Les personnes ayant une déficience intellectuelle ont d’importants besoins de soins, mais nos services n’en tiennent pas suffisamment compte.
With the recent federal commitment to increase mental health funding across Canada, we need to turn our attention to people with developmental disabilities – individuals who are currently invisible within Canada’s mental health system. This group has some of the greatest needs for mental health services and supports, yet is rarely acknowledged or targeted in mental health efforts.
Those with developmental disabilities, which includes Down syndrome, fetal alcohol syndrome and autism, are rarely recognized in mental health statistics, policy priorities, education and training or even clinical practice.
There was a time when this population was not “seen” within mainstream mental health initiatives, because they received their care in a separate system, primarily through institutional care. But with the closure of institutions and an emphasis on community inclusion in Canada over the last several decades, those with developmental disabilities are expected, like everyone else, to access physical and mental health care in their home communities.
Unfortunately, their health needs are often not adequately addressed. And our inability to see this population is costing the health system enormously.
Perhaps because of the complexity of their health needs (physical and mental), this group is more likely to have repeat emergency department visits and to be re-hospitalized than other individuals, a sign that the connection between community and hospital-based care for those with developmental disabilities is not what it should be. And the Ontario Ombudsman released in August 2016, “Nowhere to Turn,” a disturbing report based on a four-year investigation into the care and treatment of adults with developmental disabilities, which found that this population was also very likely to experienced homelessness, incarceration, abuse and neglect. As well, it reported, the families of these adults were often subject themselves to burnout.
Moreover, recent research from the Centre for Addiction and Mental Health and Institute for Clinical Evaluative Sciences in Toronto shows that 45 percent of Ontario adults with developmental disabilities are diagnosed with a psychiatric disorder and at least 6 percent have an addiction.
A national study of hospitalizations, published in the Canadian Journal of Psychiatry, found that almost half of developmental disability hospital admissions were psychiatric hospitalizations. And, the majority of those were youth and young adults. This is in stark contrast to people without developmental disabilities, among whom hospitalization for psychiatric disorders tended to be later in life.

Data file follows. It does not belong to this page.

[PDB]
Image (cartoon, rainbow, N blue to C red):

Sadly the members of this this population, complex and vulnerable as they are, are frequently treated by mental health and general health providers who are not familiar with their disabilities and do not feel comfortable working with them. Indeed, training for health care providers on the mental health needs of this group is very limited in Canada.
So, what needs to be done to help policy-makers finally see this invisible population, so they can better support the mental health system to address its needs?
As a start, our mental health promotion must include adults with developmental disabilities, since we know they are prone to mental illness and addictions.
We should invest in screening for mental health issues and early intervention in this population, and we should be taking active measures to help those with developmental disabilities get accurate diagnoses and receive accessible evidence-informed treatments and supports. This means that all mental health care providers should receive the basic skills and knowledge required to support people with developmental disabilities.
In order to reduce or avoid repeated emergency visits and lengthy hospitalizations, we need to invest in more outpatient-based mental health care. Mental health and social service sectors across the country must work together with each individual in this population who is hospitalized, to ensure they are safely discharged and receive the mental health support they need.
Finally, we should always keep in mind the phrase “nothing about us without us.” If there is to be a good, patient oriented solution, people with developmental disabilities and their families need to be at the table, alongside the other mental health or addiction groups with expertise. It makes good policy and good economic sense to ensure individuals with developmental disabilities are included in mental health plans, strategies and funding.
It’s time the needs of those with developmental disabilities and their families are seen and met.
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